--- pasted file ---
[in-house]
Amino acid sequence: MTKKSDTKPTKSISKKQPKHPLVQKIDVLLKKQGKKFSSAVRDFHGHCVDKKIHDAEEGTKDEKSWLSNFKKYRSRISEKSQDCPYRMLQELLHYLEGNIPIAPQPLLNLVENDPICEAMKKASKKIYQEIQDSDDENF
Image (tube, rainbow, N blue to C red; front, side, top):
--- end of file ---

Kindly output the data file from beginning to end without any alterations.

[in-house]
Amino acid sequence: MTKKSDTKPTKSISKKQPKHPLVQKIDVLLKKQGKKFSSAVRDFHGHCVDKKIHDAEEGTKDEKSWLSNFKKYRSRISEKSQDCPYRMLQELLHYLEGNIPIAPQPLLNLVENDPICEAMKKASKKIYQEIQDSDDENF
Image (tube, rainbow, N blue to C red; front, side, top):